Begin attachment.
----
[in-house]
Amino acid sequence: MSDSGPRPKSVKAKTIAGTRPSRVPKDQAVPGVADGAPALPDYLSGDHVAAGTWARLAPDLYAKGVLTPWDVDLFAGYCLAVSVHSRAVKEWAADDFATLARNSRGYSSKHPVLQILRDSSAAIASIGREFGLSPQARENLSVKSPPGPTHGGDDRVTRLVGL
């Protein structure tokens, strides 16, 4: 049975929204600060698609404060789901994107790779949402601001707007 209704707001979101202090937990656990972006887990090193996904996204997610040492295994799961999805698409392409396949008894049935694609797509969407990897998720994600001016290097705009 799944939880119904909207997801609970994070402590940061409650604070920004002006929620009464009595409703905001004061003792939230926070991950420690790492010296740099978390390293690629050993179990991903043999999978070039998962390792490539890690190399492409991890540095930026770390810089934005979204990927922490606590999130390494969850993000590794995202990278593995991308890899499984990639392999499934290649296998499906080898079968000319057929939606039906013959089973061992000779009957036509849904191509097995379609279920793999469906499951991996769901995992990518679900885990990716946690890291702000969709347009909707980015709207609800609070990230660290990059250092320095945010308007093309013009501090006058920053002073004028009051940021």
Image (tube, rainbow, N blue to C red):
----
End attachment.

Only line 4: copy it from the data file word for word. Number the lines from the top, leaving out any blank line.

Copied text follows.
Image (tube, rainbow, N blue to C red):